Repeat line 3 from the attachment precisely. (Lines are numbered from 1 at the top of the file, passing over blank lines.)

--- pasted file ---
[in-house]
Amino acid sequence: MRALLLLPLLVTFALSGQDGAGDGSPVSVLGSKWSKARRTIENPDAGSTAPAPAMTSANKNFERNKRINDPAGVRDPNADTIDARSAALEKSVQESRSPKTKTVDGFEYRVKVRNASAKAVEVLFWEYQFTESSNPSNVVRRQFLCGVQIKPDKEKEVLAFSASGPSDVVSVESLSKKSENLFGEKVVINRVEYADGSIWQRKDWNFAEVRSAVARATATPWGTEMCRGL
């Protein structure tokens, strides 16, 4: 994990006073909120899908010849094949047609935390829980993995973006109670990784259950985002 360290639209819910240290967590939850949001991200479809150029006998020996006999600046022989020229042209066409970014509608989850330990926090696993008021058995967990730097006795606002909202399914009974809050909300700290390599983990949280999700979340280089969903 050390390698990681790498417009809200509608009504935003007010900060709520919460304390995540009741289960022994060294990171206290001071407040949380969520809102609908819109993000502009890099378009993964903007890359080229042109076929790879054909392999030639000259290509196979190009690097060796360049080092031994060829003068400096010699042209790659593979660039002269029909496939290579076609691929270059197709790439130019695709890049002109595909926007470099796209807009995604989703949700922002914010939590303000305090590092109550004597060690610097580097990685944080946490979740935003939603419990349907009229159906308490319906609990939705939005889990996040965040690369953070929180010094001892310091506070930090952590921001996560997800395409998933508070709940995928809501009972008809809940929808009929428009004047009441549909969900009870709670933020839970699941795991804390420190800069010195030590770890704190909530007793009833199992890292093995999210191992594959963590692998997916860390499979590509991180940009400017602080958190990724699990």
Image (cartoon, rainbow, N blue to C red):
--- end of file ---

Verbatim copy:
């Protein structure tokens, strides 16, 4: 994990006073909120899908010849094949047609935390829980993995973006109670990784259950985002 360290639209819910240290967590939850949001991200479809150029006998020996006999600046022989020229042209066409970014509608989850330990926090696993008021058995967990730097006795606002909202399914009974809050909300700290390599983990949280999700979340280089969903 050390390698990681790498417009809200509608009504935003007010900060709520919460304390995540009741289960022994060294990171206290001071407040949380969520809102609908819109993000502009890099378009993964903007890359080229042109076929790879054909392999030639000259290509196979190009690097060796360049080092031994060829003068400096010699042209790659593979660039002269029909496939290579076609691929270059197709790439130019695709890049002109595909926007470099796209807009995604989703949700922002914010939590303000305090590092109550004597060690610097580097990685944080946490979740935003939603419990349907009229159906308490319906609990939705939005889990996040965040690369953070929180010094001892310091506070930090952590921001996560997800395409998933508070709940995928809501009972008809809940929808009929428009004047009441549909969900009870709670933020839970699941795991804390420190800069010195030590770890704190909530007793009833199992890292093995999210191992594959963590692998997916860390499979590509991180940009400017602080958190990724699990």